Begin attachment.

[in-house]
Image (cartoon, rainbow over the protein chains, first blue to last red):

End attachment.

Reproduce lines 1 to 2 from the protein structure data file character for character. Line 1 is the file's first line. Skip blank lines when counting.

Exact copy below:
[in-house]
Image (cartoon, rainbow over the protein chains, first blue to last red):